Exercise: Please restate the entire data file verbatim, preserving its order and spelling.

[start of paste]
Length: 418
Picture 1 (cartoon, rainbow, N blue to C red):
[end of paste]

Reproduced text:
Length: 418
Picture 1 (cartoon, rainbow, N blue to C red):